Greenwood (Leflore County)

Frank R Parker in his book Black Votes Count: Political Empowerment in Mississippi After 1965 describes Greenwood, the county seat of Leflore County, as being the “testing ground for democracy for the civil rights movement.”For two years starting in 1962, multiple civil rights organizations such as the Student Nonviolent Coordinating Committee (SNCC) and the Council of Federated Organizations (COFO) came into Leflore County and Greenwood for the sole objective of registering blacks to vote. They joined a grassroots system already in place to win the right to vote for members of the black community.

The reasons that made this area ripe as a “testing ground”are also detailed in Charles Payne’s I’ve Got the Light of Freedom. One-third of the state’s population lived within sixty miles of Greenwood in those times, and that population was a majority black. At least since the Depression, Payne describes, the black community had made grassroots efforts to organize and solidify its base, in many ways for protection rather than to pursue a singular objective such as enfranchisement. Black society may have been separated from white, but it in some ways thrived independently due to economic and social support within its own community. Two local organizations that had a great influence in Leflore County were the Elks Club and the Citizen’s League, formed in 1957-58. The Citizen’s League focused on voting rights and the voter education movement. Over time, national rights organizations would come in to help organize Leflore County efforts.

During the middle of the Movement in the spring of 1963, the responsibility for the movement in Greenwood and Leflore County began to shift back to the locals with many of the national activists moving on to other battlefields such as Birmingham. Charles Payne describes it this way:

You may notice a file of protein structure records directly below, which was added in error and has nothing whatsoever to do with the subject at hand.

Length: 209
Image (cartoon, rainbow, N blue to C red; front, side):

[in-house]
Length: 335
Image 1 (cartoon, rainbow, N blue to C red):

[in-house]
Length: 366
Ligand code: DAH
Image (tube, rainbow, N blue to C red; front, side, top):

Black people by the hundreds had gotten in the streets
and fought for themselves, they had withstood a wave
of repression as severe as anything the Delta had seen
in at least a decade, and they had set the white folk back
on their heels for awhile. For young people long disgusted
with what looked like cowardice of the older generations,
for older activists who had been working for years with
little to show for it, there was some triumph mixed in
with the disappointment. The movement hardly collapsed.
Indeed, more people were arrested in June [1963] than
in March, and they were local people. After most of the
outsiders had left, local organizers and local people went
right back to the slow process of building a solid movement,
with more confidence than ever.

The national and state organizations and the young activists had been a catalyst for extreme changes in the social order of Greenwood, Leflore County, and the Mississippi Delta. They also took their experiences to other parts of the country and the South.

Sources:

Parker, Frank. Black Votes Count: Political Empowerment in Mississippi After 1965.

Payne, Charles. I’ve Got the Light of Freedom.